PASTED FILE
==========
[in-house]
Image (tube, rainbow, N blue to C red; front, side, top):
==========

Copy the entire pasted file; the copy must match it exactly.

[in-house]
Image (tube, rainbow, N blue to C red; front, side, top):